Jeff Marion has built a career around a lifelong passion for the outdoors, and that effort has culminated in his being selected as the co-recipient of the George Wright Society’s Natural Resources Achievement Award for 2019. The award seeks to recognize excellence in research, management, and education related to parks and protected areas.

Marion, a recreational ecologist with the U.S. Geological Survey and an adjunct professor in Virginia Tech’s College of Natural Resources and the Environment, is a founding contributor to the field of recreation ecology, which develops and applies ecological knowledge to examine and limit the environmental impacts caused by recreational use of park and forest lands.

“The land management agencies have a dual mandate that directs them to both protect natural resource conditions and processes, and to accommodate appropriate recreational activities in protected areas,” Marion explained. “By understanding and modeling the effects of that use, recreation ecologists can work with land managers to direct activities and interventions that will maintain the sustainability of that use.”

Marion’s passion for the outdoors started at a young age. Growing up exploring the woods and streams of Kentucky, he and his three brothers all achieved Eagle Scout status, and he was a staff member for the Boy Scout’s Philmont Scout Ranch, a high adventure base in New Mexico. These experiences led him to pursue studies in biology and natural resource management.

His “lightbulb moment” came while he was a master’s student in the environmental management program at Duke University.

“I came across a paper on wilderness management research, and there was a part that examined the literature on resource impacts from wilderness recreation,” Marion recalled. “I took it to my advisor, and he suggested I do an independent study on visitor impacts to wilderness. There was some literature on it, but the field wasn’t really developed at the time.”

Marion transferred to the University of Minnesota to pursue this new topic, where he received his master’s and doctorate. This decision allowed him to develop research methodologies that would give the field of recreation ecology a foothold in the wider areas of environmental conservation and natural resources management. He has published numerous papers in leading peer review journals and helped to develop and expand land conservation principles that have significantly reduced human impacts on remote environments.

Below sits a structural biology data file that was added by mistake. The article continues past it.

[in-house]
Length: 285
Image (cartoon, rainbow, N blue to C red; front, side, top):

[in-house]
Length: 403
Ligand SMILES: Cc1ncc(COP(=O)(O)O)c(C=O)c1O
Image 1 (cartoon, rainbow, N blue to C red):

Marion has been involved in the nonprofit organization Leave No Trace since its founding, and he authored the organization’s 2014 book “Leave No Trace in the Outdoors.” Since 1989 Marion has led the Virginia Tech Field Station of the U.S. Geological Survey’s Patuxent Wildlife Research Center. His expertise in recreation ecology has led to him collaborating with leading scientists in China to develop management and preservation policies for forest ecosystems across the world.

In 2014 Marion returned to the Boundary Waters Canoe Area Wilderness in Minnesota, to re-measure soil and vegetation impacts on campsites he had previously researched while doing his doctorate in 1982. Marion and colleague Jeremy Wimpey, who earned his doctorate at Virginia Tech in 2009, are currently completing a study to characterize and reduce the impacts of hikers on the Appalachian Trail, and have initiated a similar multi-year study of camping impacts on the Pacific Crest Trail.

For Marion, a faculty member in the Department of Forest Resources and Environmental Conservation since 1989, the George Wright Society Natural Resources Achievement Award honors a career that hasn’t ever felt like work.

“Outdoor activities are my passion, and I followed that passion,” he said. “I was fortunate to find a way to combine my outdoor interests with my academic and professional ambitions, and it’s never felt like I work for a living. I really enjoy what I do, and I can’t believe that I get paid to do what I love.”

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